A skilled nursing facility transported an 84 year old resident with a history of dementia for a change in mental status. Treatment was initiated with intubation, fluid hydration, antibiotics and diagnostics. A few minutes later, family arrived waving a piece of paper, furious that their mother’s wishes to remain DNR were ignored.
This is a frequent occurrence in the emergency department. Emergency physicians have a strong moral imperative to save lives. This is based on the presumption that the patient or family member would consent to preserve life and health if he or she were able to and there was sufficient time. When a patient arrives in extremis, there is not sufficient time to obtain that consent. We rely on advance directives.
Should you resuscitate if you are not sure about the existence of advanced directives? Yes, absolutely. If in doubt, resuscitate. However, this case raises the competing moral imperative to relieve pain and suffering. Emergency physicians should never overrule a valid advanced directives. In this case, once the family arrives, it is quite ethically permissible to withdraw care once more information is available and the goals of care can be determined.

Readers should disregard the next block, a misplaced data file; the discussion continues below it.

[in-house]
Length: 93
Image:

This is the point when you switch from cure to care and begin to manage the dying process. Ethicists make no moral distinction between withholding and withdrawing treatment. However, conventional wisdom tells us that it is more difficult to withdraw once you have instituted care. The law does not require any kind of maintenance of life-sustaining therapy. When a treatment is not effective, there is no moral obligation to continue it. Many prolonged cardiac arrest situations are futile and should not be continued.